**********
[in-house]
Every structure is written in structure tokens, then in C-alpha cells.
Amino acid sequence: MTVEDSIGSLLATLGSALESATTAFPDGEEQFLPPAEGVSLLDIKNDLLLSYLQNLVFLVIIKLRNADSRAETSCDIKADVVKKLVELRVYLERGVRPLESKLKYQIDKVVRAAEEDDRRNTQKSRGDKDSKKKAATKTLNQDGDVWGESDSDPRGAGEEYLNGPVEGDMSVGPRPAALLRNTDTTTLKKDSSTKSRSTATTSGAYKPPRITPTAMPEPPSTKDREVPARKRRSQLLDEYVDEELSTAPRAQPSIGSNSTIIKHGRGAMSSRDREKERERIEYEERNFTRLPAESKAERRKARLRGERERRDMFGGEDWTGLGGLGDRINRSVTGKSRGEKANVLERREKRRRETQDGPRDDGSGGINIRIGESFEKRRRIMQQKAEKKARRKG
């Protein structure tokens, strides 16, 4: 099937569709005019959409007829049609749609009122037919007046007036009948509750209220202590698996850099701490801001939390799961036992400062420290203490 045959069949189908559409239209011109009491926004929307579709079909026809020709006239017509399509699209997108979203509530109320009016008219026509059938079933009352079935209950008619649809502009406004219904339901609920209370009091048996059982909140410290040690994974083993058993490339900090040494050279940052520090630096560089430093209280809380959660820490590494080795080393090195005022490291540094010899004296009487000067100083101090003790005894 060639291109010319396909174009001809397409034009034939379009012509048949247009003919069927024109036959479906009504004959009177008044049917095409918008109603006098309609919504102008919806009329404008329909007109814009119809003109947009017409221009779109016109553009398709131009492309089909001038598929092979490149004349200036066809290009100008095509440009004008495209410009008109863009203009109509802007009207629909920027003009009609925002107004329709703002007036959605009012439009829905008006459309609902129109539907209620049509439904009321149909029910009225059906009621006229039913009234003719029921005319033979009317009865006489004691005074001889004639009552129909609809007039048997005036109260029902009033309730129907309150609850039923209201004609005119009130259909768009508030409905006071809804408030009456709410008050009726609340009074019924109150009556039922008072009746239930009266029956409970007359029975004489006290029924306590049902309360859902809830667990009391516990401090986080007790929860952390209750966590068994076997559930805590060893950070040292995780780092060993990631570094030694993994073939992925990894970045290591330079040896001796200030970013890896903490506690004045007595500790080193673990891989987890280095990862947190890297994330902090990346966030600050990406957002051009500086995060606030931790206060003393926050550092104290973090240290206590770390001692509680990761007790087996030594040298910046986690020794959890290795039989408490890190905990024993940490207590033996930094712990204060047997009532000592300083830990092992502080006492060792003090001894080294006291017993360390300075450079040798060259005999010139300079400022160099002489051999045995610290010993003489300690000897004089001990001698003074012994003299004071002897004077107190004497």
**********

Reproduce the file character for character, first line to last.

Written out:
[in-house]
Every structure is written in structure tokens, then in C-alpha cells.
Amino acid sequence: MTVEDSIGSLLATLGSALESATTAFPDGEEQFLPPAEGVSLLDIKNDLLLSYLQNLVFLVIIKLRNADSRAETSCDIKADVVKKLVELRVYLERGVRPLESKLKYQIDKVVRAAEEDDRRNTQKSRGDKDSKKKAATKTLNQDGDVWGESDSDPRGAGEEYLNGPVEGDMSVGPRPAALLRNTDTTTLKKDSSTKSRSTATTSGAYKPPRITPTAMPEPPSTKDREVPARKRRSQLLDEYVDEELSTAPRAQPSIGSNSTIIKHGRGAMSSRDREKERERIEYEERNFTRLPAESKAERRKARLRGERERRDMFGGEDWTGLGGLGDRINRSVTGKSRGEKANVLERREKRRRETQDGPRDDGSGGINIRIGESFEKRRRIMQQKAEKKARRKG
């Protein structure tokens, strides 16, 4: 099937569709005019959409007829049609749609009122037919007046007036009948509750209220202590698996850099701490801001939390799961036992400062420290203490 045959069949189908559409239209011109009491926004929307579709079909026809020709006239017509399509699209997108979203509530109320009016008219026509059938079933009352079935209950008619649809502009406004219904339901609920209370009091048996059982909140410290040690994974083993058993490339900090040494050279940052520090630096560089430093209280809380959660820490590494080795080393090195005022490291540094010899004296009487000067100083101090003790005894 060639291109010319396909174009001809397409034009034939379009012509048949247009003919069927024109036959479906009504004959009177008044049917095409918008109603006098309609919504102008919806009329404008329909007109814009119809003109947009017409221009779109016109553009398709131009492309089909001038598929092979490149004349200036066809290009100008095509440009004008495209410009008109863009203009109509802007009207629909920027003009009609925002107004329709703002007036959605009012439009829905008006459309609902129109539907209620049509439904009321149909029910009225059906009621006229039913009234003719029921005319033979009317009865006489004691005074001889004639009552129909609809007039048997005036109260029902009033309730129907309150609850039923209201004609005119009130259909768009508030409905006071809804408030009456709410008050009726609340009074019924109150009556039922008072009746239930009266029956409970007359029975004489006290029924306590049902309360859902809830667990009391516990401090986080007790929860952390209750966590068994076997559930805590060893950070040292995780780092060993990631570094030694993994073939992925990894970045290591330079040896001796200030970013890896903490506690004045007595500790080193673990891989987890280095990862947190890297994330902090990346966030600050990406957002051009500086995060606030931790206060003393926050550092104290973090240290206590770390001692509680990761007790087996030594040298910046986690020794959890290795039989408490890190905990024993940490207590033996930094712990204060047997009532000592300083830990092992502080006492060792003090001894080294006291017993360390300075450079040798060259005999010139300079400022160099002489051999045995610290010993003489300690000897004089001990001698003074012994003299004071002897004077107190004497």